The Arctic is currently experiencing dramatic changes in response to the strong high-latitude climate warming, affecting both terrestrial and aquatic ecosystems. This will have immediate effects on ecosystem services connected to food production, climate regulation, natural resources and cultural integrity. Due to a potential reduction of tundra ecosystems and the development of newly forested areas, this will have effects on climate - i.e. warming connected to albedo increase - and on biodiversity, both at the level of species and genotypes. We use past records of ecosystem change retrieved through ancient environmental DNA from sedimentary deposits. Our current project "Future ArcTic Ecosystems (FATE)", funded in the BiodivScen action of BiodivERsA and the Belmont Forum tracks plants and herbivores through time since the Pleistocene to understand the relative impacts of climate, herbivory, and human management on Arctic ecosystems.
Impacts of (past) climate change and anthropogenic pressure on aquatic ecosystems
The last century has seen dramatic changes in aquatic ecosystems globally, with freshwater population declines of over 80% since 1970 and major restructuring of aquatic ecosystem function. After decades of pressure from direct anthropogenic impacts, such as water pollution, including excessive nutrient enrichment, freshwater ecosystems now face a number of emerging threats, among which effects of climate change will be of particular severity on a global scale. While changes in biodiversity are most visible and prominent at the level of species, i.e. through the decline of species numbers and heightened extinction rates, current developments include a loss and turnover in genetic diversity. Heightened and specific selective pressures can also act as drivers of evolutionary change. While evidence for ongoing changes is challenging to retrieve, many aquatic ecosystems look back on a dynamic history, having experienced both previous climatic changes as well as anthropogenic pressure since their respective formation. Studying past biotic assemblages and their responses to changing environmental conditions can provide information for conservation and restoration and inform predictions for the future.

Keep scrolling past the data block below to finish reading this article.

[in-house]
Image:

Currently we are studying past ecosystem changes in Lake Constance, which went through a distinct period of eutrophication and re-oligotrophication in the second half of the 20th century and has experienced distinct periods of climatic change as well as intense and early human settlement. Within the context of the Research Training Group R3, and in cooperation with the Institute for Lake Research, the State Office for the Conservation of Monuments, as well as the Universities of Braunschweig and Bern, we are studying sediment cores covering the past centuries and reaching back to the Late Pleistocene. These analyses are additionally funded through the Baden-Württemberg Foundation.
Biodiversity monitoring with Environmental DNA
The use of environmental DNA to trace organisms and monitor biodiversity is a growing field with many practical applications - and an excellent example of a quick switch from basic science without immediately visible practical value (such as detecting mammoths in ancient sediments without visible remains) to immense impact on biodiversity conservation. We enthusiastically contribute to developing and applying eDNA-based assays for the analyses of water and sediment samples. We routinely work with metabarcoding, species-specific PCRs and quantification via ddPCR. Currently, our group is conducting work on endemic endangered crayfish in Baden-Wuerttemberg, funded through a PhD scholarship of the German Federal Environmental Foundation (Deutsche Bundesstiftung Umwelt
). We have also developed assays for a range of neobiota in Lake Constance and will be testing the distribution of their DNA in space as well as back in time through the analyses of short sediment cores.